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Maunakea

Aloha, and apologies for the length of this message.

On Sunday I was fortunate to visit Maunakea at the invitation of some of our UH Hawaiian leaders. I wanted to witness what is happening there for myself. I was grateful to exchange warm greetings and aloha with the kupuna there that day, most of whom have been colleagues for many years. Throughout my short visit, I was privileged to experience the gracious spirit of those I encountered. I also witnessed tremendous resolve.

I know that many of you have been seeking a response to the messages you have sent me both individually and collectively. Thank you, and please know that I have read every one. These messages share some common themes:

  • There is vehement opposition to the building of TMT on Maunakea by hundreds of UH community members and many more in the wider community for a variety of reasons.
  • There is also substantial support to proceed with construction.
  • There was serious concern about the Emergency Proclamation made by Governor Ige as it relates to the health and safety of UH students, employees and other community members on Maunakea.
  • Astronomers and observatory staff are extremely concerned about their lack of access to the current observatories and the future of astronomy on Maunakea.

I believe a number of recent events are moving us in a peaceful direction that is positive for all the people of Hawaiʻi.

  • Yesterday Mayor Kim shared comments about his meeting late last week with Native Hawaiian leaders from across the community. They have agreed to continue to work together to try and find a peaceful resolution.
  • All parties on the mauna have agreed to the installation of a traffic light at the intersection of the highway and Mauna Kea Access Road. This is a positive step forward for the safety of all on the mauna and for all on Hawaiʻi Island who use the highway.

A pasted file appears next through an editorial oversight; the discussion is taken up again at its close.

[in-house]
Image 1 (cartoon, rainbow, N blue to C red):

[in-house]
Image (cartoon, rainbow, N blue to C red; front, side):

• Progress has been made toward improving access to the mauna by both cultural practitioners and workers other than astronomers. It is our hope that routine shared access can be restored soon for all.
  • Today the State approved a request UH submitted on behalf of TMT to extend the construction start deadline. I believe that the pressure of a deadline, which was largely arbitrary due to extenuating circumstances such as completion of legal processes, has not been helpful in trying to resolve this extraordinarily complex situation. Although the removal of this deadline gives us more time to work together toward peaceful resolution, I acknowledge that some members of our community will be upset.
  • Since there are no imminent plans to move the TMT construction equipment up the mauna, Governor Ige has now lifted the Emergency Proclamation. This follows the departure from Maunakea of police officers from Honolulu and Maui.

I still believe in the educational, inspirational and scientific benefits that TMT and modern world-class astronomy can bring to the people of Hawaiʻi. I realize that TMT now represents a huge source of friction in our work to become a model indigenous-serving university and Hawaiian Place of Learning. We will need many conversations over the months ahead to work on that together. My heart and mind are open as I continue to listen and share.

Let me close with my biggest concern: we need to keep the fabric of our university from being torn apart. In a time of differing opinions, points of view, historical understandings, and lived experiences, we can learn from each other and ultimately strengthen our community. I am committed to accomplishing this with you.

Aloha,
David Lassner
President

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